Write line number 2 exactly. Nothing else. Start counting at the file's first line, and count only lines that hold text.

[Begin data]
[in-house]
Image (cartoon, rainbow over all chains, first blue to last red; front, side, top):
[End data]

Image (cartoon, rainbow over all chains, first blue to last red; front, side, top):